There’s nothing quite like swimming naked in the ocean. Swimming naked is always so much more invigorating and life affirming than wearing bathers.
I’m not a naturist. I’m one of those people who sees a deserted beach, strips off and has a swim, and would really like not to be fined because society has developed some weird hypocrisy around the human body that seems to be okay with hardcore porn being accessible on your phone but not okay with the non-sexualised activity of nude bathing.
Today I checked out Tyagarah’s newly appointed clothing-optional beach: 800 metres of beach where people can legally swim, stroll, sunbake, and even play volleyball in the buff. Of course they can also wear pants. That’s what ‘optional’ means. It’s possibly the most inclusive 800 metres of beach in the Shire.
Today was their family fun day, so it was possibly busier than most days. As I arrived at Grays Lane a bunch of skydivers were scurrying into the carpark ready for pickup; 200 metres along I spied the group who had to fight so hard to defend their right to beach usage. The group I had heard described as the ‘honeypot’ for sex predators. I wonder if anyone who used this term had actually attended the beach.
Honeypot is not the word I would use. I would probably describe the Photoshop-perfect bodies of the under-25s in brazilian bikinis on Byron’s Main Beach in that way, but not those at this beach. These were older men and women. Grandmas, grandpas, possibly even great grandmas and great grandpas. A dad and his young son. A woman who’d had a double mastectomy. Bodies weren’t pumped and preened. They were unashamedly normal. Sagging, hairy, gender diverse, chubby, thin, old, and young.
Are normal bodies offensive? Is this what upsets people? Are we only comfortable with artifice? Are we the imperfect supposed to be unseen? I watched a few comfortably round people enjoying a game of cricket and thought how wonderful that they were proudly enjoying their bodies on a beach where there was nothing to hide. Where they felt included and accepted. This truly was body positivity in action.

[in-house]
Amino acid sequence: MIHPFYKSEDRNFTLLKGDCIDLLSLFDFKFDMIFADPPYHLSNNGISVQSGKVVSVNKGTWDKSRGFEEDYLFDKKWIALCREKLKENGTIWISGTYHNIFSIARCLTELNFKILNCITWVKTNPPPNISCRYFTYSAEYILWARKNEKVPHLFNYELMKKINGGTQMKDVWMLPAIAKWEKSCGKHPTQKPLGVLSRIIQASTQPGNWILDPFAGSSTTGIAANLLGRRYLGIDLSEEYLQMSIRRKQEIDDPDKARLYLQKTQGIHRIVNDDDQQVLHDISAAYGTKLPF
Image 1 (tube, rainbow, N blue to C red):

Society spends so much time shaming us about our imperfections that this simple act of very normal ordinary people shamelessly enjoying the body they inhabit becomes somehow deviant.
I love seeing the bodies of older women because it tells me of what is ahead for me. The powers that be don’t want us to see these bodies. They don’t want us to ever truly like ourselves, in case we stop getting botox, or attending boot camp, or joining gyms.
When I was in Munich we spent a day in the English Gardens and swam in the river. One side of the river is clothed, the other is not. That’s about five metres of river separating the groups. I got a wonderful photo of an old naked dude with a giant donger walking with two women in burquas beside him. No-one seemed to have a problem. It was so refreshingly healthy I took a photo but I can’t show it on Facebook because it’s owned by Americans and they censor healthy humanity. Giant boobs pushed together in a bra commercial for Victoria’s Secret would be okay though. Objectification is fine. Just don’t show us anything real.
You don’t have to be a naturist to support a person’s right to a clothing-optional beach. It’s about Beach Usage. I don’t like dive boats going out at The Pass because it makes it congested and wrecks my quiet swim, but I understand that other people get something out of it. The beach has many users: commercial and non-commercial – like beach weddings, horse riding, dog walking, surfing, fishing, boot camp… it’s clear that we must share this incredible resource. And hey, there is enough to go around.
In Queensland there are no clothing-optional beaches. In NSW on a coastline that extends for 2,137km there are only 2.4km designated clothing-optional beaches. There are 79,000 skinnydipping / naturist beach users in NSW – so on that allocation that gives about 3cm of space per person!
The argument against our CO beach has been around safety for women. If we were to look at targeting sexual-assault hotspots in our region, we’d have to stop selling alcohol and close down Byron’s main streets.
People are responsible for their behaviour. You can’t limit the freedoms of everyone else to ‘control’ a minority of sick people. I am proud that I live in one of the few progressive communities in NSW that has a clothing-optional beach. If Byron Shire ever loses that, if we become another conservative town, then who are we?
You may as well pave paradise and whack in a McDonald’s.